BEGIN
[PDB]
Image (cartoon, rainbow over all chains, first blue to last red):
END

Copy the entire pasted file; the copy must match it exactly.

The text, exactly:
[PDB]
Image (cartoon, rainbow over all chains, first blue to last red):